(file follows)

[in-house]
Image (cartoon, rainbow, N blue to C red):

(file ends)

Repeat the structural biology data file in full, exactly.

[in-house]
Image (cartoon, rainbow, N blue to C red):